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Tag Archives: transformative education

From Earth, Fire and Water by William Butler Yeats

Today, an interesting thing happened. All three grades are at key points in Science. The Grade 8 class was learning and applying the equation for density. They were completing a worksheet, but got bogged down with the equation when it was not straightforward and had to think algebraically. I was moving between the Grade 7 and 9 tables and looked up. There was a colleague who had stopped by on her day off helping the Grade 8 students and the parent helper. I had not asked for help; it arrived in the quiet and I thought of this poem.

We can make our own minds so like still water

that beings gather about us that they may see,

it may be, their own images,

and so live for a moment with a clearer,

perhaps even with a fiercer life

because of our quiet.

What If Nature Could Remember or Dream?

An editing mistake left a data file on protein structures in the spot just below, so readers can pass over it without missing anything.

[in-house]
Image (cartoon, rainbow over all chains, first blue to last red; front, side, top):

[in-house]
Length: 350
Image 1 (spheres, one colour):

After I posted Open Heart; Open Mind, I recalled a Wendell Berry poem entitled In a Country Once Forested. I wondered what if nature really could remember? What would that be like? What if nature were a dreamer of dreams? I think Wendell Berry says it beautifully and wisely in this poem.

The young woodland remembers

the old, a dreamer dreaming

of an old holy book,

an old set of instructions,

and the soil under the grass

is dreaming of a young forest,

and under the pavement the soil

is dreaming of grass.

I think nature is can recall and able to dream dreams. It might look like this.

Culture of Peace

Each child has a voice

In a secure space

Voices are revealed.

I am reading Tuned in and fired up: How teaching can inspire real learning in the classroom by Sam Intrator. It is the published version of his doctoral dissertation so I read it out of a twofold interest: as a teacher and as someone getting ready for the dissertation process. Sam asks teachers to consider the following question: “What engages children in learning?” That was the focus of his study and he found an innovative teacher, Mr. Quinn, who lived up to the challenge.